I was in my post-grad American Economic History class with my relatively liberal professor this morning. He was discussing slavery as an economic institution and mentioned the Dred Scott Case (1857) in which it was declared by Chief Justice Taney (a Catholic, by the way) that slaves were property of their masters, not citizens, and had no rights under the law. He commented on how horrible it was that so many were able to be kept in bondage, and then pointed out how beneficial it was that the 13th amedment freed the slaves, the 14th granted them citizenship, and the 15th voting rights. All the other liberals in the class were nodding in agreement (and it is a good thing to agree that slavery is bad).
Then, when it was time for questions, I said, "How is that issue any different than the current controversy over abortion, in which a woman's child is declared her property and deprived of life without sue process of law?" The room went silent and he got a dumb look on his face. But his response was interesting, especially since he is kind of a liberal (or so it seems from certain comments he makes).
He said that slavery was entrenched in the Constitution while abortion sprung from a mere decision of the Supreme Court. Therefore, he said, slavery had much more of a constitutional basis than abortion and was much more entrenched in society. Then he went on to another topic. Although he did not answer my question on the moral similarity between abortion and slavery, he did point out something: slavery was enmeshed in the Constitution, and was yet overturned and overthrown, and is now accepted by all peoples as being morally reprehensible. Abortion, as springing only from a decision of the Supreme Court, is on much shakier ground constitutionally than slavery.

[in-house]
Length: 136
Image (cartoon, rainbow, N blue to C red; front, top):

Conclusion: If slavery, which was constitutional, could be overthrown, then abortion, which is not in the constitution and is on shakier ground, could (in theory) be much more easily overthrown legally if we just had the people to carry it through.
In closing, look at this excerpt from this article on lame-duck President James Buchanan, the predecessor of Lincoln. Look at how it phrases Buchanan's position on slavery and see if it rings any bells: "Buchanan personally opposed slavery, but as a public official he felt bound to sustain it where sanctioned by law. Political enemies called him a "trimmer," but he took middle ground consistently as a matter of policy. What some considered impotent vacillation was an expression of three fundamental convictions: (1) that only by compromise between the parts could a federal republic survive; (2) that citizens had to obey the law even when they thought it unjust; and (3) that questions of morality could not be settled by political action. Despite the secession movement, he succeeded in preventing hostilities between North and South, and he turned over to Lincoln a nation at peace with eight slave states still in the Union."